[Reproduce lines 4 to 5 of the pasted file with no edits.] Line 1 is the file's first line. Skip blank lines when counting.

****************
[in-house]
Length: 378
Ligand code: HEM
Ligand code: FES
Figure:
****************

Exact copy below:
Ligand code: FES
Figure: